Just like Epic Games' work on Fortnite leads to improvements in Unreal Engine, Saber3D gets a bit better with each project. "If we want to rewrite a renderer, if we want to rewrite lighting—no matter what we want to do on the tech side, we can do it."

From Moscow to New Jersey, and then the world

On TimeShift, the St. Petersburg-based Krupkin and Iones would lead principal development with the team in Russia, while Karch and other New Jersey-based colleagues juggled creative tasks and business relationships with their publisher in California. It was an early example of distributed development, one that's served served the studio in the years since.

The international operation was an "organic" phenomenon, Karch said, simply based on the home countries of the three men.

Those dual offices have since evolved into a sea of global studios (some built by Saber, others being subsidiaries absorbed from its divestment from Embracer Group). Saber isn't stationed in Russia anymore, as the country's invasion of Ukraine led to the last employees in the nation decamping in order to keep working with their Western colleagues, joining many other developers who've divested from the region.

In the TimeShift days, Karch said the team balanced American management, design, and cultural sensibilities with talented St. Petersburg-based developers taking ownership of developing and utilizing Saber3D.

A screenshot from Space Marine 2. The player character walks toward an exploding building.

The studio's expansion was "slow and deliberate," Karch said, and built off the principle of keeping projects in scope of what its in-house engine was capable of.

The division of labor across national borders raises an interesting question: as more studios turn towards international co-development partners to take advantage of lower labor costs in other regions, an uncomfortable dynamic sometimes emerges. In some of these relationships, game studios in the Western world will have creative ownership over a project, and the "grunt work" goes to the outsourced studios.

"That [dynamic] happens primarily when it's not organic," Karch said, explaining that now the technical and creative relationships between studios crisscross the globe. "Our lead designer on Space Marine 2, he's been with us about 15 years. He moved out of Russia, lives in Armenia, and has full ownership over the game. He works closely with one of our lead writers...who's based out of Liverpool" (near Warhammer license-holder Games Workshop).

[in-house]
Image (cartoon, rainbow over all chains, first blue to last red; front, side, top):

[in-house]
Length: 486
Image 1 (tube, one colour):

He rattled off the other studios' locations in Portugal, Spain, Serbia, Estonia, and the United States. He'd called in from Nimble Giant Entertainment in Argentina. In each of those regions, he said that Saber "gives product ownership to [its teams]."

"I wish we'd made Helldivers 2," he lamented in an extended ramble about how streams of great games now pour out of Arrowhead Studios' native Sweden, or Belgium, where Baldur's Gate 3 developer Larian Studios is headquartered. "20 years ago, people would say they wouldn't trust Swedish developers. They didn't want to do anything if it wasn't based in North America." He said he's still surprised to hear colleagues from other major studios not wanting to develop a game unless it's based in California.

Does slow and steady make a studio ready for high-profile games?

Saber Interactive now faces a tall task with the remake of Star Wars: Knights of the Old Republic. While the company's previous games appealed to more niche audiences, this game's dramatic development saga and fervent fanbase have made many lock eyes on the studio, salivating at any tidbit of news.

On paper it's a moment 20 years in the making. By patiently improving Saber3D and building a reputation with a library of modest games, Saber's arrived in a position that Aspyr may have rushed into too fast. If all goes well, Karch, Krupkin, and Iones' long bet will have paid off.

Of course, it's only in Star Wars that stories peak at big dramatic conclusions. Once the lights of the Old Republic fade, the studio will have to figure out if its fate still is about going slow and steady—or if such success means it's time to speed things up.

Karch (who expressed frustration in our call at Embracer's decision to grow too big too fast) probably won't want to steer that direction. But one way or another, game studios are at the whims of the market. All they can do is build sturdy ships that hopefully make it through wherever the winds take them.

About the Author(s)

Bryant Francis

Senior Editor, GameDeveloper.com

Bryant Francis is a writer, journalist, and narrative designer based in Boston, MA. He currently writes for Game Developer, a leading B2B publication for the video game industry. His credits include Proxy Studios' upcoming 4X strategy game Zephon and Amplitude Studio's 2017 game Endless Space 2.